3 hot tips from a not so hot man.

Also…I know you want me to apologise for that god-awful pun

I’m not gonna do it.

Okay so, the Cruiserweights: what the hell happened, right? With the runaway success and critical acclaim the Cruiserweight Classic garnered last year from fans and critics alike, it seemed pretty much inevitable that once the Cruiserweights made their long-awaited arrival to Monday Night RAW, they’d become one of the biggest sensations in the company.

Well…uh, not exactly.

To be fair, the division is slowly finding its footing, but that doesn’t change the fact that first few months of the Cruiserweight Division have been more than a little underwhelming: wrestlers not connecting with audiences, and a dearth of decent story-lines and angles to the point of non-existence has left us with a division lacking in strong characters or any identity beyond the color purple.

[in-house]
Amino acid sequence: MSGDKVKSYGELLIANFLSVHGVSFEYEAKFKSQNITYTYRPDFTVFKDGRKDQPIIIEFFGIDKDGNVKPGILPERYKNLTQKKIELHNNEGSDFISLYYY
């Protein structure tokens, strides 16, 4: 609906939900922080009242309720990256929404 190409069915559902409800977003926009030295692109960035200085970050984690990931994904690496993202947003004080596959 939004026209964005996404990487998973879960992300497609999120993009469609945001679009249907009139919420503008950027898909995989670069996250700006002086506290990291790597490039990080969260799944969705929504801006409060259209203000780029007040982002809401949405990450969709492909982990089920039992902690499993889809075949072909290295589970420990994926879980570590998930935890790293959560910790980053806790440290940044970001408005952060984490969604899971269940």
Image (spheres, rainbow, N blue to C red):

So, how are we gonna fix it? Well, I’m glad I put those words into your mouth, dear reader, because here’s at least 3 big things WWE can do to get the Cruiserweights back on track.



Alright, so there’s basically no way to make this first point without coming off like a smarmy elitist smark, so I’m not even gonna bother trying: the fact of the matter is that the main roster crowds for RAW and even Smackdown just don’t appreciate the Cruiserweights. I’ve seen the Cruiserweights go out and put on genuinely great matches that these crowds have either responded to with mild amusement, total apathy, or even worse, vocally frustrated apathy. The long and short of it is that, regardless of the Cruiserweight’s talent, main roster crowds by and large don’t give a shit.